The Pet Directory Cat Article - Cat Nutrition

The Pet Directory Cat Article - Cat Nutrition

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As published in The Pet Directory QLD, NT & WA Edition

The Pet Directory Cat Article - Cat Nutrition

Nutritionally, cats are not like humans or dogs.
Cats are strict carnivores (meat-eaters) and have quite unique nutritional requirements. They have higher protein requirements than most other animals as well as specific requirements for nutrients such as taurine, arginine, arachidonic acid (a fatty acid), extra niacin (a B vitamin) and Vitamin A. Mostly, these nutrients are present in sufficient quantities in animal-based proteins such as meat, fish and eggs but are inadequate or unavailable in plants. Thus, cats are true carnivores - and must consume animal protein in their diet to meet these unique nutritional requirements and cannot be vegetarian.

Cats also have quite unique feeding behaviours.
Domestic cats typically eat 10 to 20 small meals per 24-hour period which mimics the natural feeding patterns of cats in the wild. This pattern reflects the evolutionary relationship with cats and their prey where repeated cycles of hunting throughout the day and night are required to provide enough food. Cats can also be quite erratic eaters consuming little food for several days then consuming a large amount.

It is important to provide cats with proper nutrition and care for each stage of their life from kitten-hood through to old age, in order to maximise their health, longevity and quality of life.

A kitten’s nutritional needs are different from those of an adult cat and must be met by a small quantity of food which is all a kitten’s stomach can accommodate. Kitten foods should therefore be formulated with very high quality ingredients - increased calories, protein, vitamins and minerals are necessary for the dramatic growth occurring in the kitten’s first few months of life. The right balance is crucial to avoid unnecessary excesses of nutrients.

Kitten foods are designed to be fed from weaning to 12 months of age. Pregnant and nursing queens should also be fed kitten foods free-choice during the last third of pregnancy and throughout lactation.

One of the most common human foods offered to cats is milk.
This practice is best avoided because cats lack the enzyme to digest the lactose in milk which can lead to diarrhoea.

Cats are considered ‘adults’ between 1 and 6 years of age. Adult cat foods are specifically formulated for ‘normal’ weight adult cats. Certain nutrients such as salt, minerals & protein should be controlled to avoid skeletal and kidney diseases. The mineral magnesium should be restricted and acidic urine should be produced in order to reduce the risk of struvite crystals or stones. These can form in the urinary tract which may cause Feline Lower Urinary Tract Disease (FLUTD), a common problem in cats. Feeding highly digestible foods with quality ingredients helps to reduce litter box waste and odour, important for owners of indoor cats.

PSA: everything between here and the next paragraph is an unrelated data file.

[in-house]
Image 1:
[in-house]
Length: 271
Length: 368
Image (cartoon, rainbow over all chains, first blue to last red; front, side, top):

Often cats become inactive when confined indoors, or once they have been desexed. These conditions may make animals prone to weight gain. In fact it’s estimated up to 30% of cats may be overweight or obese. In this situation, an ideal ‘light’ adult cat food should be fed. Check the food has reduced fat and calories and increased fibre – this will satisfy a cat’s appetite while avoiding obesity.

As cats age they are more likely to develop health problems.
Areas of particular concern are obesity, kidney disease, urinary tract health and dental disease. Senior cats are those aged 7 years and over. It’s important you take your senior cat for regular vet checks (every 6 months). This way, early disease signs can be detected and addressed accordingly. In most cases, healthy senior cats should receive a diet with fewer calories, a higher taurine level, less phosphorous and a less acidic urine pH than foods for younger adult cats. Foods for senior cats should also have a softer kibble making it easier to chew.

In the last 10 years there have been significant advances in the nutrition of cats. From foods that help control hairballs, to ones that help clean your cat’s teeth. There are a multitude of options often making it hard for pet owners to select the best one for their pet. Remember, it is important to choose a food that meets your cat’s individual nutritional requirements based on age, activity level and general well being. Premium foods offer complete and balanced diets with good quality ingredients and controlled levels of minerals. If you still find it hard to make a decision, then consult your vet or vet nurse. They will be able to recommend the best food for your furry friend!


Article by Hill Science Diet
Level 1, 68-72 Waterloo Rd, NORTH RYDE NSW 2113
Phone: (02) 8875 1600
Fax: (02) 9888 8241
Hill’s HelpLine: 1800 679 932
Veterinary Consultation Service: 1800 800 733

The Pet Directory Cat Article - Cat Nutrition

The Pet Directory - Hill's Science Diet

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